Before I joined NCVO I was volunteer coordinator for NCVO member the Evelyn Oldfield Unit. Evelyn Oldfield was a refugee from Sierra Leone who became a grants officer for the Trust for London’s grant programme, she worked closely with London’s refugee communities.
In her memory, Trust for London set up the Evelyn Oldfield Unit in 1994 to offer capacity building, and advice and opportunities for partnership working for refugees and migrant organisations.
At that time there was no pan-London refugee organisation. What was and continues to be great about the Evelyn Oldfield Unit is that their board is refugee and migrant-led. Not that the two are mutually exclusive, however all the trustees have a refugee and/or migrant background and this means that they better understand the refugee perspective.
How you can help refugees to volunteer
At the Evelyn Oldfield Unit I was responsible for a Big Lottery funded programme that aimed to help refugees and migrants to volunteer; I learned a lot from the volunteers about the specific barriers which impede their participation.
If you are part of a mainstream organisation and want to help refugees and migrants to volunteer, here are some pointers for you.
Make it easy for people to register their interests
Refugees have gone, and may be going, through traumatic and difficult circumstances. The last thing they need is yet another form to fill in, with formal language that may smack of officialdom.
Partner people with others they get along with
Volunteering together is fun and a way for people who may suffer isolation to make friends.
Offer volunteer roles that make use of existing skills and develop leadership, so that trust is recognised.
Draw on your creativity and emotional intelligence to develop others
Build a volunteering programme with volunteers, to make a haven of good practice and virtuous values. I created volunteer roles in consultation with refugees and sought to include people who wanted to volunteer with the Evelyn Oldfield Unit. I did not quiz them about motives, but focused on the quality of the role and developing reciprocal relationships.
Make volunteer expense claim forms visible and available
Remember that people may feel uneasy about asking for their expenses and simply not assert this request. Yet it could be the difference of going without food.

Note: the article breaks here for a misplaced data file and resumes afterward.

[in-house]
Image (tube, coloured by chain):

Make time to talk to volunteers
Help them access the financial or emotional support they need to settle. There are lots of fantastic refugee-led organisations but they are often beneath the radar and have no online presence. The Evelyn Oldfield Unit is in contact with many of them.
Dignify the volunteer journey
Extend the hand of friendship to someone who is rebuilding their life; this does not mean over-stepping boundaries. Dignify the volunteer journey by showing an interest in where your volunteers are from and what has brought them to volunteer. Help them get the best out of the experience.
Use your organisational policies
Create a culture of fairness and recourse within the organisation and between all people; staff and volunteers. Encourage your volunteers to reflect on the policies and what they mean for them.
Address damaging behaviours
Acknowledge language or behaviours that may be discriminatory, exclusionary or elitist.
These are always good chances to open a dialogue about what guides this thinking and to question our own beliefs and values, as well as feeling confident to question others.
Refugees and asylum seekers can volunteer!
Refugee Action led a successful campaign in 2014 called Right to Volunteer. NCVO is working with the Home Office, so we may update our guidance around immigration status, visas and volunteering. NCVO member Voluntary Action Sheffield has helpful guidance on how to involve refugees and people claiming asylum in volunteering.
I loved working in the refugee sector, surrounded by volunteers from countries I have never visited and some places I had never heard of. It was like a microcosm of the whole world.
The refugee sector may be impoverished in terms of funding, and experiencing a burgeoning need for services; yet I don’t think I’ve ever experienced such richness in the volunteers and trustees I had the privilege of working with.